Oil prices rose on Monday, buoyed by hopes of progress in U.S.-China trade talks and supported by challenges to supply facing major exporters.
Brent crude LCOc1 rose 78 cents or 1.3% to $59.15 a barrel by 10:50 a.m. CDT (1550 GMT), while U.S. West Texas Intermediate (WTI) crude CLc1 was at $53.74, up 93 cents or 1.8%. Both futures contracts ended last week with a more than 5% decline after dismal manufacturing data from the United States and China, with the trade row between the world’s top economies undermining global economic prospects.
U.S. and Chinese officials meet in Washington on Oct. 10-11 in a fresh effort to work out a deal, which U.S. President Donald Trump said his administration had a “very good chance” of achieving.
“There’s some optimism and there’s some short-covering. It felt like we completed a cycle-down pattern last week, though demand still seems to be on the soft side,” said Phillip Streible, senior market strategist at RJO Futures.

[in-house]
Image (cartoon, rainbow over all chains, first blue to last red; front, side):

On the supply side, deadly anti-government unrest has gripped Iraq, the second-largest producer among the Organization of the Petroleum Exporting Countries (OPEC).
Iraq’s oil exports of 3.43 million barrels per day (bpd) from Basra terminals could be disrupted if instability lasts for weeks, Ayham Kamel, Eurasia Group’s practice head for Middle East and North Africa, said in a note.—Reuters